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Most of my research for this article involved me spending a lot of the summer falling off a windsurfer. My goal was to teach myself a new skill - how to windsurf. It is quite rare as adults we take on the challenge of a mastering a new skill from scratch. When was the last time you learnt a skill from scratch? Sometimes we tend to avoid it due to the fear of looking silly or the time it would take to learn.
The study of learning new skills in sports has given rise to the field of Skill Acquisition. It is now an increasingly important part of sports science in elite sports.
To acquire any new skill the individual goes through three stages:
1. Cognitive Stage
Here the learner faces a problem and the main priority for them is to understand the task then organize a solution. This is the most important cognitive or mental stage. The learner thinks extensively about the behaviour/ movements needed to master the task. Errors occur frequently.
2. Associative Stage
As the learner practices the movements more they are able to think about it less. The emphasis here is on practice – the emphasis here is on the physical. The errors reduce in number and are smaller. The learner starts to gain confidence and more at ease with the task.
3. Autonomous Stage
Here the skill is almost in inherent or with vey little thought or mental effort. Learners would describe the skill as almost automatic and instinctive. Their movements would be described as smooth and efficient. Most important they can divert their attention to other cues while performing the skill or task.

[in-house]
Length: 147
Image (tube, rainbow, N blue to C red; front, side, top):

The improvement in any skill is always rapid at first then the gains get smaller due to the law of diminishing returns – further and further practice results in reducing gains.
What is the best way to learn a new skill? Studies have shown that the optimal way to learn a new skill is to practice it daily but only for 1 hour per day. The spaced practice of motor skills produces better performance and faster learning than say two sessions of 4 hours per week. This is due to:
• Allowing the brain to process the information gained each day (this happens while sleeping)
• Reduces the effect of fatigue
• Maintains motivation
• Keeps attention high over the practice session
Not all of us can devote an hour each day to sail so I dedicated 1 hour 4 days per week to windsurf. (Easy with daylight saving after work) I can happily say the gains with this type of spaced frequent practice have been noticeable!
I can now windsurf!
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